Hong Kong police to switch to Chinese-style goose step & stop saying 'Yes, Sir!' in English from July 1

Shedding of colonial overtones.

Kayla Wong | July 01, 2022, 06:07 PM

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The Hong Kong Police Force (HKPF) has officially abandoned its British-style foot drills to switch to the Chinese-style goose step of the People's Liberation Army (PLA) on the 25th anniversary of the British handover to China on July 1, 1997, Chinese state media CGTN reported.

The goose step style of marching sees soldiers conduct foot drills without bending their knees. The PLA is the largest military today that still sticks to this practice, which first originated in the Prussian military in the 1800s before it was spread by German advisers to the Russians, who in turn spread it to other parts of the world through the Soviets.

Removing "colonial overtones"

The HKPF told Bloomberg that the move aims to "promote patriotism and enhance the awareness of national identity".

Lam Chi-wai, Chairman of the Hong Kong Junior Police Officers' Association, also told jingoistic Chinese-backed media Global Times that adopting the Chinese-style foot drills is "a symbolic change in ideology, a removal of colonial overtones, and has symbolic meaning for the country and the Hong Kong Special Administrative Region, demonstrating to the world that Hong Kong is an inseparable part of China".

Since early last year, the Chinese military have been training the Hong Kong police on the Chinese-style foot drills.

Screenshot via Tong Shi/YouTube

Such steps to bring the city into line by introducing Chinese protocols could already be seen back in 2018 when Beijing asked uniformed groups in Hong Kong to consider marching in the Chinese-style goose step in an upcoming public display, the Financial Times reported.

Reacting to the request, Claudia Mo, an opposition politician from Hong Kong's pan-democratic camp, said "it's part of a brainwashing effort to mould [their] young people to comply".

"At the end of the day they will be conditioning our young not just how to march but how to walk, talk and think, and that’s what’s so scary.”

These changes come as the city, under the tightening grip of Beijing, begins to shed signs of its British colonial relic.

The Hong Kong Education Bureau has most recently approved four new textbooks that explicably said Hong Kong was never a British colony, and that it was only administered under colonial rule.

No more "Yes, sir!" in English

In addition, the force will no longer be responding to commands with "Yes, sir!" in English -- a reply that viewers of Hong Kong police-themed movies might be familiar with. Instead, they will be replying the same in Mandarin (知道, 长官), according to Taiwanese daily newspaper United Daily News.

Similarly, commands are now called out in Mandarin rather than English.

The police force's three counter-terrorism units are also to ditch their present uniforms for new ones that supposedly provide greater protection and allow for easier identification of officers -- the force were previously criticised for failing to display their identification numbers while quashing civilians' protest.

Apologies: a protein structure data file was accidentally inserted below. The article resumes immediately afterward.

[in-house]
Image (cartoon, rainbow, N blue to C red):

Xi Jinping: "True democracy" for Hong Kong only started after city's handover

In a Friday speech that lasted for around 22 minutes, Chinese President Xi Jinping, who arrived in the city a day before, defended Chinese rule over the city, and reiterated the utmost importance of adhering to the "one country, two systems" model, The Standard reported.

In addition, espousing the benefits of Chinese rule, Xi said "true democracy" for Hong Kong started after the city "reunited with the motherland", and when its people "became the masters of their own city".

Despite Xi paying lip service to the effectiveness of the "one country, two systems" model, saying that it has gained the approval of the larger international community, Hong Kong has seen its extent of autonomy -- supposedly guaranteed under the governing framework -- dwindle in recent years as Beijing increasingly imposes tougher laws that crack down on dissent from Hongkongers.

Xi also defended the national security law as a necessity for ensuring the people's democratic rights, as well as Hong Kong's prosperity and stability.

Hong Kong must be in the hands of "patriots"

The Chinese leader added that the city must be "in the hands of patriots", further explaining that "no one in the world" would allow "outsiders, betrayers or traitors to get hold of political power".

In the Legislative Council election held in December 2021, Beijing loyalists won a landslide victory.

The election was held after Beijing introduced sweeping changes to the city's electoral system -- ostensibly done to ensure only pro-Beijing candidates could hold office. For instance, the number of directly elected seats was reduced from half to a quarter, while the electoral committee, which mostly consists of pro-Beijing figures, will select more than a third of the legislative seats, according to Reuters.

Previously, ahead of the poll, several pro-democracy activists and candidates had also been arrested and thrown into jail.

The election was met with widespread apathy among Hongkongers, with only 30.2 per cent of voters having participated -- making it the lowest voter turnout the city has ever seen since it returned to Chinese control.

Also in May this year, the sole candidate to stand for the city's chief executive election was voted in with an overwhelming majority of votes from the Election Committee, which mostly consists of Beijing loyalists.

The vote was criticised as most people in Hong Kong's 7.4 million population had no say in the decision.

Top image adapted via Tong Shi/YouTube